David Freschman, 52, prominent Delaware investor, has died

He was one of Delaware's first and most prominent startup voices, a connector across the mid-Atlantic. A funeral service for Freschman will be held at Congregation Beth Emeth in Wilmington March 19.

Investor David Freschman speaking at the Tech2Gether event in November 2014. (Photo courtesy of 1313 Innovation)
Updated with comments from Gov. Jack Markell and Brett Topche. (3/18/15, 9:46 a.m.)

David Freschman, the gravelly-voiced investor and prominent Delaware tech startup champion, died yesterday, March 17, according to a family spokeswoman. The cause of death was related to pancreatic cancer, said his rabbi. He was 52.
His daughter, Samara Freschman, posted this on her public Facebook feed:

You were my cheerleader, my role model, an amazing businessman, and most importantly a fighter. You are forever my best friend and I’m forever your little girl. I know you are out of pain now and I hope you are with Grandpa drinking beers and smoking Cubans by the shore. I love you more than you know and I promise to make you proud.

Freschman is likely best known as a founder of Early Stage East, an angel venture fair that started in the dot-com frenzy of 1998 and has endured, spawning an array of investor events. But he has no shortage of related projects aimed at growing deal flow and connections throughout the East Coast from his base in Delaware. He was a managing partner of Innovation Ventures and the Delaware Innovation Fund. In 2009 he founded FashInvest, a news resource for the intersection of fashion and technology that he proudly promoted.
“It’s tragic. He was vibrant,” said Gov. Jack Markell, who first met Freschman 15 years ago. “He was a go-to guy for the entrepreneurial community in Delaware and had contacts around the country.”
Ever a networker, in recent months Freschman was still actively pursuing partnerships and event expansion — discussing co-branded events with and this reporter.

“David was an example to us all on how to wear your enthusiasm on your sleeve and do it with conviction and a sense of humor,” said Jon Brilliant, an early-stage company adviser who had known Freschman for 22 years. Brilliant has in some ways followed Freschman, becoming one of Delaware’s most familiar voices for tech entrepreneurship.

In the fall, Freschman, like Brilliant and many others, took the stage at the Queen for Tech2Gether, a two-day conference on innovation in Wilmington organized by incubator space 1313 Innovation. The incubator space and the event were part of a new wave of energy around tech in Delaware but many familiar faces, including Freschman were there for it.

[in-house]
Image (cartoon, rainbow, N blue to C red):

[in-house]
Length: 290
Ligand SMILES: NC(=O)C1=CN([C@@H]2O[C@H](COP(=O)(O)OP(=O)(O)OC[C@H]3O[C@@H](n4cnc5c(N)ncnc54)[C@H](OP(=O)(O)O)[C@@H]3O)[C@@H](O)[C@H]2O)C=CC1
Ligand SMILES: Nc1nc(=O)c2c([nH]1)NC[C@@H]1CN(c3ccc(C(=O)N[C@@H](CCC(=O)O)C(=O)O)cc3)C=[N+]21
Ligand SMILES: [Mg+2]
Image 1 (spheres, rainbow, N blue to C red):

Indeed, he was known for his commitment to the regional tech community even after its post dot-com fizzle in the early 2000s. Freschman “stayed with it through some of its most challenging years,” said MentorTech Ventures Managing Director Brett Topche.
He was an early proponent of connecting the mid-Atlantic corridor, organizing events and networking in Washington, D.C., Baltimore, Philadelphia and New York, in addition to Delaware.
“He made Delaware a place to go for venture, not just a place for incorporation. He made it real,” said Keli Whitlock, the co-chair of the venture capital group at Duane Morris in Baltimore. She first got to know him by helping to organize BioLife Tech, a conference that launched in 2000. “He was going forth between Delaware and Baltimore and elsewhere along the mid-Atlantic and elsewhere. He inspired a lot of people to do similar things.”
“He would do anything to help out people who wanted to start a business,” she added.
Freschman was known to be challenging and forceful, proud of the access he had developed in the tech industry. One person who knew him well said, “while he was not universally loved … I know he was universally respected.”
“He didn’t have a shy bone in his body,” said Gov. Markell. “It didn’t matter that I was Governor, he’d walk right into my office and lay it out there. He’d tell me, ‘Here are the things you’re doing right and here’s what you need to do better.’ But you knew he had the best intentions.”
“He was one of early leaders,” Markell said of Freschman’s long presence in Delaware’s tech entrepreneurship community since the 1990s. “It’s sad to know he won’t get to see it go to the next level, but when it does … he’ll be one of the most important people we have to thank.”
Freschman received his undergraduate accounting degree from the University of Delaware in 1984 and an MBA from Loyola College of Maryland in 2001.
A funeral service will be held at Congregation Beth Emeth in Wilmington tomorrow, Thursday, March 19, at 1:00 p.m. Interment will be at nearby Beth Emeth Memorial Park.


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